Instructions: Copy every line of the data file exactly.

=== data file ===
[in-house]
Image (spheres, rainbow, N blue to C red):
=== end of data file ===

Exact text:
[in-house]
Image (spheres, rainbow, N blue to C red):